MarineTraffic wholeheartedly endorses today’s call by the Marshall Islands, one of the world’s largest maritime registries, for seafarers to be recognised as key workers. This would mean that the travel bans and restrictions on crew changes enacted by so many countries to prevent the spread of COVID-19 could be lifted.
The unforeseen consequence of this ban has been for seafarers to be stuck onboard, unable to return home at the end of their contract.
Seafarers typically spend many months away from their loved ones and preventing their repatriation is adding to their emotional stress and affecting their well-being. As a workforce, seafarers face some extremely tough conditions: isolation, cramped living quarters, noise, heat and storms can all be part of their everyday lives. We all rely on seafarers to move the world’s food, fuel, medicine and equipment. To many this is an invisible workforce, but we must do our best to support them in these tough times.
We urge governments to recognise the contribution of seafarers towards keeping vital supply chains open, and to devise plans to allow them to board a designated ship and to be repatriated at the end of their contracts. Safe ships rely on well-supported seafarers.
A big part of the MarineTraffic community are our seafarers, their friends and their families. They use our service to track the ships that their loved ones are working on.
We passionately believe in supporting the unsung heroes of the seas and are grateful to the year-round support given to them by charities such as the Sailors’ Society.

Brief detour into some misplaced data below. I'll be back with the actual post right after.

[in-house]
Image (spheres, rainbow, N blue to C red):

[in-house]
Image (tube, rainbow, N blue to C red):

MarineTraffic does its best to assist seafarers and we are proud supporters of the Sailors’ Society, providing them with data services to help with their day-to-day work with seafarers in more than 90 ports around the world.
The charity, which has had to suspend its operations in ports due to the virus, is now offering virtual seafarer support with chaplains available online or over the phone, and has set up a Facebook community for seafarers affected by coronavirus.
It is launching an emergency appeal for funds in response to the crisis support #keyworkersofthesea
Sailors’ Society’s COO Sandra Welch said: “This is putting intolerable strain on seafarers’ mental and emotional health, at a time when we have been forced to pull our chaplains away from offering face-to-face support.
But we will not abandon them. We are diverting the full resources of the charity to finding ways of supporting these men and women. Please, support our appeal and help these key workers of the sea when they need us the most.